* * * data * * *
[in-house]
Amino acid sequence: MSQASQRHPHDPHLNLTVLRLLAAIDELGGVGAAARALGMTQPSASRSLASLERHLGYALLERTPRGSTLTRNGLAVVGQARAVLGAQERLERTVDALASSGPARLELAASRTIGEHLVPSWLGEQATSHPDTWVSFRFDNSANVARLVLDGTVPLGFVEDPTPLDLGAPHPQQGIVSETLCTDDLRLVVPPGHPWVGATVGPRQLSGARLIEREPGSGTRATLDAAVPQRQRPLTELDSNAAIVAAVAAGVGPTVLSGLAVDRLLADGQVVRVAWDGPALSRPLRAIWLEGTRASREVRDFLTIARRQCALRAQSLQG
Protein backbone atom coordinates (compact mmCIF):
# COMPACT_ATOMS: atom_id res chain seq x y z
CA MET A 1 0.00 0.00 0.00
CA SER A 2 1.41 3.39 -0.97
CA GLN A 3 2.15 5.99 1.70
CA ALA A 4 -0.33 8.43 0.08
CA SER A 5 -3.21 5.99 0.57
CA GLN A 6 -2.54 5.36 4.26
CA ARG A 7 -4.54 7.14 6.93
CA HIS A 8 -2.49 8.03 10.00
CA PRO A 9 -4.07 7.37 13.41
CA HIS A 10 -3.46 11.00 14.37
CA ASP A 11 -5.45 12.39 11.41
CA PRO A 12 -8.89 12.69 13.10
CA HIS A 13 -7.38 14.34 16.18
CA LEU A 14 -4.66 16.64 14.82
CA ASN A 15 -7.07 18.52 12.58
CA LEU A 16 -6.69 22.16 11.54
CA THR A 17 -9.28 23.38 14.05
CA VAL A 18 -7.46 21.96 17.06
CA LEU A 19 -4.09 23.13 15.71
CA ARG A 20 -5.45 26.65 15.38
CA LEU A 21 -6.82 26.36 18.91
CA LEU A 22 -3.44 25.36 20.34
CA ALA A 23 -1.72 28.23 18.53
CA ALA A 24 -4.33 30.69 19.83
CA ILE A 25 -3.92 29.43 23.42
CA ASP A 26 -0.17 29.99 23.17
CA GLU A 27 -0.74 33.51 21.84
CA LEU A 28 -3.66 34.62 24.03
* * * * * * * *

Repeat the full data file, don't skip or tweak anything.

[in-house]
Amino acid sequence: MSQASQRHPHDPHLNLTVLRLLAAIDELGGVGAAARALGMTQPSASRSLASLERHLGYALLERTPRGSTLTRNGLAVVGQARAVLGAQERLERTVDALASSGPARLELAASRTIGEHLVPSWLGEQATSHPDTWVSFRFDNSANVARLVLDGTVPLGFVEDPTPLDLGAPHPQQGIVSETLCTDDLRLVVPPGHPWVGATVGPRQLSGARLIEREPGSGTRATLDAAVPQRQRPLTELDSNAAIVAAVAAGVGPTVLSGLAVDRLLADGQVVRVAWDGPALSRPLRAIWLEGTRASREVRDFLTIARRQCALRAQSLQG
Protein backbone atom coordinates (compact mmCIF):
# COMPACT_ATOMS: atom_id res chain seq x y z
CA MET A 1 0.00 0.00 0.00
CA SER A 2 1.41 3.39 -0.97
CA GLN A 3 2.15 5.99 1.70
CA ALA A 4 -0.33 8.43 0.08
CA SER A 5 -3.21 5.99 0.57
CA GLN A 6 -2.54 5.36 4.26
CA ARG A 7 -4.54 7.14 6.93
CA HIS A 8 -2.49 8.03 10.00
CA PRO A 9 -4.07 7.37 13.41
CA HIS A 10 -3.46 11.00 14.37
CA ASP A 11 -5.45 12.39 11.41
CA PRO A 12 -8.89 12.69 13.10
CA HIS A 13 -7.38 14.34 16.18
CA LEU A 14 -4.66 16.64 14.82
CA ASN A 15 -7.07 18.52 12.58
CA LEU A 16 -6.69 22.16 11.54
CA THR A 17 -9.28 23.38 14.05
CA VAL A 18 -7.46 21.96 17.06
CA LEU A 19 -4.09 23.13 15.71
CA ARG A 20 -5.45 26.65 15.38
CA LEU A 21 -6.82 26.36 18.91
CA LEU A 22 -3.44 25.36 20.34
CA ALA A 23 -1.72 28.23 18.53
CA ALA A 24 -4.33 30.69 19.83
CA ILE A 25 -3.92 29.43 23.42
CA ASP A 26 -0.17 29.99 23.17
CA GLU A 27 -0.74 33.51 21.84
CA LEU A 28 -3.66 34.62 24.03